Optimal oral health starts with the health of your natural teeth – keeping them in their best condition for as long as possible. Our endodontic services (any treatments relating to the interior, or pulp, of a tooth), including root canals, give you the option of saving your tooth, rather than extracting it. Once a tooth is extracted, the hole left behind allows other teeth to shift, and the corresponding top or bottom tooth no longer has a match. If it is left empty, this hole will cause more problems over time.
If you crack or fracture your tooth, or have a cavity or abscess that infects the nerve and soft pulp of a tooth, a root canal removes the infected tissue, fills the area, and seals your tooth so it does not have to be extracted. A crown may need to be placed on top of the tooth to return it to its natural shape, size, and strength, allowing you to comfortably use that tooth to chew.
The infection is what causes the tooth pain, sensitivity, and sore gums, and may be treated with antibiotics before the root canal procedure is performed to minimize any discomfort. The pain is present before the root canal, but not during the root canal procedure. The dentist will use dental anesthetic to numb your gums and teeth before we perform the root canal procedure, so you don’t feel any pain.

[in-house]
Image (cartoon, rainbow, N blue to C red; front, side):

A root canal appointment can take 60 minutes or more, depending on the number of roots affected, the position of the tooth, and the amount of infection. If a crown will be placed on top of the treated tooth, that placement occurs in a subsequent appointment, to allow your gums and infection time to heal. You should limit the amount of chewing or pressure placed on the treated tooth until the crown is in place.
If a tooth that previously had a root canal is painful, or showing any signs of infection, it may be time to review the overall health of the tooth, and decide if it is worth saving or should be extracted. We can provide you with all the details you need to make the best decision for your oral health.
Treatment of a painful tooth may include the re-treatment of a root canal, including the addition of a post to support the tooth, with a new crown placed on the tooth afterwards. A crown-lengthening procedure may also be required, removing bone and gum tissue and lowering the gum line, so the crown has more tooth surface on which to adhere. In some cases, where multiple procedures are required, extracting the tooth and replacing with a dental implant can be a clinical and cost comparable alternative. We discuss the options with you to help you decide if the tooth can be saved, or whether a dental implant is a better health and cost decision overall.